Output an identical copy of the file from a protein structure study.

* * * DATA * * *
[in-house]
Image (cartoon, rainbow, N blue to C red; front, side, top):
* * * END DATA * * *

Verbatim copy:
[in-house]
Image (cartoon, rainbow, N blue to C red; front, side, top):